Night Watch

Night Watch

Night Watch (2004)

Centuries ago, the forces of Light and Darkness reached a truce.  The Night Watch and the Day Watch were created to oversee that tenuous peace and the human Others become their enforcers.  Now, in modern day Moscow, that peace is threatened by an ancient curse and the arrival of one who may shift the balance of power forever.

Years ago, Anton sought out a witch to cast a spell to bring his true love back to him.  He was willing to sacrifice her unborn child to do it.  Before the spell could be completed, however, the Night Watch burst in, ruined the spell, took down the witch and discovered that Anton is an “Other” – one of humanity endowed with supernatural powers.  Anton joined the Night Watch and now battles the forces of darkness as well, all in the name of maintaining the balance in an unending war.   Now, twelve years later, he’s hunting a vampire and becomes embroiled in an ancient curse that could destroy the world – while also seeking out the harbinger of a new age in which darkness or light will triumph once and for all.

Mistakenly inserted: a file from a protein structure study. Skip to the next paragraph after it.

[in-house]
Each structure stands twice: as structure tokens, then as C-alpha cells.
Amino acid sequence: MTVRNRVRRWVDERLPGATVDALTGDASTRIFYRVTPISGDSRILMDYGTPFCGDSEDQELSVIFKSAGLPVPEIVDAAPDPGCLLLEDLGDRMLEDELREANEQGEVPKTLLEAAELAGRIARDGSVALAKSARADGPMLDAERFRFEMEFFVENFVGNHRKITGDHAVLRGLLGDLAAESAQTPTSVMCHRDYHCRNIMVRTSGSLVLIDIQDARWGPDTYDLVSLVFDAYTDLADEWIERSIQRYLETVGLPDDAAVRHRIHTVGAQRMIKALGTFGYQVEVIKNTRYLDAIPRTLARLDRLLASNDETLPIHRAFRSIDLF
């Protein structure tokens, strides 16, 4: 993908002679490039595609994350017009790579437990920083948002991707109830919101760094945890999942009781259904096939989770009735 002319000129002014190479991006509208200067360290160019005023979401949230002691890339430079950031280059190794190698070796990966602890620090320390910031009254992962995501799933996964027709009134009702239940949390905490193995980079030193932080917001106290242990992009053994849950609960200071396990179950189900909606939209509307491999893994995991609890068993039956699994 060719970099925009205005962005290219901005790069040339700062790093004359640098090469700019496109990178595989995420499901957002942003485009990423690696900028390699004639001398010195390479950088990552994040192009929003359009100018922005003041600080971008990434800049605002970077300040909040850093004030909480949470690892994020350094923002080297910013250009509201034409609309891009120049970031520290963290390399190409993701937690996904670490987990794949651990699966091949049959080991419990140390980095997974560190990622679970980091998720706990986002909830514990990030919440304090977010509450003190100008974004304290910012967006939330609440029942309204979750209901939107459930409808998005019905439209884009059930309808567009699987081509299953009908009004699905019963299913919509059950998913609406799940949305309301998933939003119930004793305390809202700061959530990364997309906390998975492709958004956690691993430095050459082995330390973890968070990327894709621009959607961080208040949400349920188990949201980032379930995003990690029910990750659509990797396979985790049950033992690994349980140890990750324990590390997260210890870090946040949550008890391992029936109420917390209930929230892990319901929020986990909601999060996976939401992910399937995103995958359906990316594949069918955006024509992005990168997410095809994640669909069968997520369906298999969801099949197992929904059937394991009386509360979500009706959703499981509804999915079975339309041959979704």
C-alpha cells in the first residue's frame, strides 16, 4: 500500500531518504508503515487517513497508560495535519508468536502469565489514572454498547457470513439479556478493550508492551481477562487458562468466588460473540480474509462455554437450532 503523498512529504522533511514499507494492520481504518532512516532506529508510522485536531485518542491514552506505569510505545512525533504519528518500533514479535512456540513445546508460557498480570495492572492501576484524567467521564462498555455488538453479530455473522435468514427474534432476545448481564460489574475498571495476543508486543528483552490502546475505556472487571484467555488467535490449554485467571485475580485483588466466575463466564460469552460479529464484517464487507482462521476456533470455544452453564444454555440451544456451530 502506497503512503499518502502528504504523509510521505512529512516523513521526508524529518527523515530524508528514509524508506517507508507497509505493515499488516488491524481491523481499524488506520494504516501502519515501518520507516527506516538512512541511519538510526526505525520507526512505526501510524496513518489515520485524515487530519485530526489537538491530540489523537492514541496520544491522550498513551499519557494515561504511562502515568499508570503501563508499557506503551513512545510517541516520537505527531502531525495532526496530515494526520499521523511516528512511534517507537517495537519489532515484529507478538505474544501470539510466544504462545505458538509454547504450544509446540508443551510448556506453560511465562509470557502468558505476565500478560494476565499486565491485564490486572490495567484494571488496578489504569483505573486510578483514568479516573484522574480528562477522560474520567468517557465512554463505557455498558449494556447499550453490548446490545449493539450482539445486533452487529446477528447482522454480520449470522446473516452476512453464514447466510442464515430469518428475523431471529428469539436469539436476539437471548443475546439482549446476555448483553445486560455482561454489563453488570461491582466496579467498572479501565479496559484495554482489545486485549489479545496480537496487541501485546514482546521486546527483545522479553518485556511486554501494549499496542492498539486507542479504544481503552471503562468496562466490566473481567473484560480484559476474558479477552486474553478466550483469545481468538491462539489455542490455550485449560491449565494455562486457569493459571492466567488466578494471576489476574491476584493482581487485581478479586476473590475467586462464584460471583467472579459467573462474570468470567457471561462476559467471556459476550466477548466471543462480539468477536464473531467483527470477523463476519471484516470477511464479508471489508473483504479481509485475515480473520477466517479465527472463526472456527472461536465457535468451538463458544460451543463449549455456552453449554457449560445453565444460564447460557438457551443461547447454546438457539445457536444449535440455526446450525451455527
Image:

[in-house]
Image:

This is a story with a lot of potential, some interesting ideas and plenty of twists.  The execution, though, is why so many foreign films get redone when they are imported to the States, because it reeks of slapdash amateurism.  The twists are overly exposed early, making them seem obvious when they are revealed.  The pacing is truly awful: it’s not easy to make the timeless battle between good and evil, complete with sword fights, guns, vampires, shapeshifters and magic boring, but this film accomplishes it.  There’s simply too much going on and too many threads to tie together.  As a result, most of the film is made up of clumsily paced action scenes smeared over top of lots of exposition.  The final reel then becomes a mad dash to the finish line, as all the elements must be quickly tied together with wholly unsatisfying resolutions.

There’s enough fantasy here to make the film watchable, as it’s essentially “Underworld” with the Messianic theme of “The Matrix”, but that just makes the wasted potential sting that much more.  Based on a trilogy of books, this first installment goes the opposite direction of Peter Jackson’s “Lord of the Rings”, cramming far too much source material into the film to be understandable or even enjoyable.

Stars: 2/5

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